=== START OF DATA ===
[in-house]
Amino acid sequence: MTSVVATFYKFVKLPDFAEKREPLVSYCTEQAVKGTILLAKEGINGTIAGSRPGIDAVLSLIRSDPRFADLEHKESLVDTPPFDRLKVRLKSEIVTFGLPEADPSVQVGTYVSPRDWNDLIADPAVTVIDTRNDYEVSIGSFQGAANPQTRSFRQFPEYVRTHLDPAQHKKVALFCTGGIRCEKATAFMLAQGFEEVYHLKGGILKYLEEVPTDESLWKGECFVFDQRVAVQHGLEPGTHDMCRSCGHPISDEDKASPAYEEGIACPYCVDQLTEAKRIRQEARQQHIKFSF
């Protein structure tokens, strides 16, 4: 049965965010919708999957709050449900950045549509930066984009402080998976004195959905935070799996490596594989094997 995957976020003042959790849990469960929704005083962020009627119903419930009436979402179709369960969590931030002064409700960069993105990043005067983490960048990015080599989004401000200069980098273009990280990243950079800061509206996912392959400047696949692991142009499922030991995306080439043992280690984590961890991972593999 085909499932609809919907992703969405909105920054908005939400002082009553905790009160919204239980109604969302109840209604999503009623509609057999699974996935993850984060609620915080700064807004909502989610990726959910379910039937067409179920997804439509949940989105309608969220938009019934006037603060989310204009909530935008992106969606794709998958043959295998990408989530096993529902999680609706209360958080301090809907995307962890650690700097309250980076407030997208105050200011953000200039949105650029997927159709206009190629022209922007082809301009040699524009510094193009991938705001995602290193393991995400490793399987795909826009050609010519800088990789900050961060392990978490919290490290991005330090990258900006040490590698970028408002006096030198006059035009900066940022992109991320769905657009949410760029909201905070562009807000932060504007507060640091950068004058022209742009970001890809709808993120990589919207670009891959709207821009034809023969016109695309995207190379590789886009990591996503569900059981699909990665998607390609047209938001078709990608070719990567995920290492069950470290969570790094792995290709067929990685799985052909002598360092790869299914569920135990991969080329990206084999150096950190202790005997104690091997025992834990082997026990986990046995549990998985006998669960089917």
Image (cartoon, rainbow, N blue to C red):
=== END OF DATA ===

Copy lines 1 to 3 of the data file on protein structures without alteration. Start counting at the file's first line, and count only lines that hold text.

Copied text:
[in-house]
Amino acid sequence: MTSVVATFYKFVKLPDFAEKREPLVSYCTEQAVKGTILLAKEGINGTIAGSRPGIDAVLSLIRSDPRFADLEHKESLVDTPPFDRLKVRLKSEIVTFGLPEADPSVQVGTYVSPRDWNDLIADPAVTVIDTRNDYEVSIGSFQGAANPQTRSFRQFPEYVRTHLDPAQHKKVALFCTGGIRCEKATAFMLAQGFEEVYHLKGGILKYLEEVPTDESLWKGECFVFDQRVAVQHGLEPGTHDMCRSCGHPISDEDKASPAYEEGIACPYCVDQLTEAKRIRQEARQQHIKFSF
């Protein structure tokens, strides 16, 4: 049965965010919708999957709050449900950045549509930066984009402080998976004195959905935070799996490596594989094997 995957976020003042959790849990469960929704005083962020009627119903419930009436979402179709369960969590931030002064409700960069993105990043005067983490960048990015080599989004401000200069980098273009990280990243950079800061509206996912392959400047696949692991142009499922030991995306080439043992280690984590961890991972593999 085909499932609809919907992703969405909105920054908005939400002082009553905790009160919204239980109604969302109840209604999503009623509609057999699974996935993850984060609620915080700064807004909502989610990726959910379910039937067409179920997804439509949940989105309608969220938009019934006037603060989310204009909530935008992106969606794709998958043959295998990408989530096993529902999680609706209360958080301090809907995307962890650690700097309250980076407030997208105050200011953000200039949105650029997927159709206009190629022209922007082809301009040699524009510094193009991938705001995602290193393991995400490793399987795909826009050609010519800088990789900050961060392990978490919290490290991005330090990258900006040490590698970028408002006096030198006059035009900066940022992109991320769905657009949410760029909201905070562009807000932060504007507060640091950068004058022209742009970001890809709808993120990589919207670009891959709207821009034809023969016109695309995207190379590789886009990591996503569900059981699909990665998607390609047209938001078709990608070719990567995920290492069950470290969570790094792995290709067929990685799985052909002598360092790869299914569920135990991969080329990206084999150096950190202790005997104690091997025992834990082997026990986990046995549990998985006998669960089917």